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Calaveras Warns Of Mine And Cave Hazards

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Calaveras County, CA – With public interest piqued in exploring mines and caves recently, sheriff’s officials want to caution people about the potential risks.

“Remember, no matter how enticing a selfie in a cave or mine may be on your social media, it’s not worth serious injury or death,” according to Calaveras Sheriff’s spokesperson Lt. Greg Stark

Safety is a key concern with these underground areas. While the industry is heavily regulated today, during the gold rush there were no rules, resulting in hasty and dangerous work that with the passage of time has only become more dangerous, disclosed Lt. Stark. He added “You should never try to explore or enter an abandoned mine. It is vital to remind your children about the importance of staying away from and out of mines.”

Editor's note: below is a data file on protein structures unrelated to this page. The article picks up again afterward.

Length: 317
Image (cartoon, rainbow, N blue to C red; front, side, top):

Each year, a number of individuals are killed in abandoned mines. Sheriff’s officials provided this list of mine and cave safety hazards:


  • Loose or falling rock
  • Unstable ground
  • Old explosives
  • Rotten “shoring”
  • Cave-ins
  • Hazardous chemicals, poisonous air/ lack of oxygen
  • Water-filled pits
  • Dangerous animals or insects


  • unmapped tunnels with vertical chambers
  • rockfall hazards
  • Slick or wet conditions
    Inverted rock walls

A rescue from an underground confined space requires a specially trained and licensed rescue team. The closest mine rescue team to the Mother Lode is in San Bernardino County. It was called to Tuolumne County in February of 2017 for bones found in a mine shaft near Groveland, as reported here. The remains belonged to 58-year-old Groveland resident, Noel Burch, who had been reported missing, as detailed here.

Lt. Stark noted with the team coming all the way from southern California, “the reality of the response timeline is that a rescue may turn to a recovery.”

  • Abandoned mine in Calaveras County